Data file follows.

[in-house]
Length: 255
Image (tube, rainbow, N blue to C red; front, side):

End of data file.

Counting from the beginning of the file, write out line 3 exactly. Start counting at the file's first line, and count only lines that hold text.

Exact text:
Image (tube, rainbow, N blue to C red; front, side):